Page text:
PBMs such as Medco act as intermediaries between pharmaceutical manufacturers and third-party payers to administer a plan’s prescription drug benefits. PBMs use the purchasing power of their healthcare plan clients to negotiate lower prices for prescription drugs from pharmaceutical manufacturers. These manufacturers have an incentive to offer discounts to PBMs if that means the company’s drug will be featured on the PBM’s formulary of preferred medicine. 

Here, though, the government alleges that Medco solicited remuneration from AstraZeneca in exchange for identifying Nexium as the “sole and exclusive” proton pump inhibitor on Medco’s drug formulary list.  The United States alleged that Medco received some or all of the remuneration from AstraZeneca in the form of reduced prices on other AstraZeneca drugs, including Prilosec, Toprol XL and Plendil.  The United States contended that this kickback arrangement between Medco and AstraZeneca violated the Federal Anti-Kickback statute, and thereby caused the submission of false or fraudulent claims for Nexium to the Retiree Drug Subsidy Program. 

In January 2015, the United States and AstraZeneca reached a $7.9 million settlement to resolve kickback allegations arising out of the same conduct. This case is examined in our free sample issue of our new publication, Life Science Compliance Update.

The allegations implicating AstraZeneca and Medco were initially made in a whistleblower lawsuit filed in 2010 by two high ranking former AstraZeneca employees--Paul DiMattia, a former executive director of commercial operations, and F. Folger Tuggle, who had been a managed markets account director in charge of the Medco account. The two relators split $1,422,000 from the AstraZeneca settlement, and DOJ notes that they will be entitled to a further share from the Medco settlement as well.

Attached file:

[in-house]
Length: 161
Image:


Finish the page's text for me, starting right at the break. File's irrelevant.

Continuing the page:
“We will continue to pursue pharmacy benefit managers that enter into kickback arrangements with pharmaceutical manufacturers,” said Principal Deputy Assistant Attorney General Benjamin C. Mizer of the Justice Department’s Civil Division.  “Hidden financial agreements between drug manufacturers and pharmacy benefit managers can improperly influence which drugs are available to patients and the price paid for drugs.”

“Pharmacy benefit managers that seek or accept kickbacks will be held accountable for their improper conduct,” echoed Special Agent in Charge Nick DiGiulio of the U.S. Department of Health and Human Services-Office of Inspector General (HHS-OIG).  “We will continue to crack down on kickback arrangements, which can undermine drug choices for patients and corrode the public’s trust in the health care system.”

It will be important to follow the government’s interest in pharmacy benefit manager negotiations with drugmakers, as the line between permissible discounts and illegal kickbacks still seems blurry, even after a number of settlements.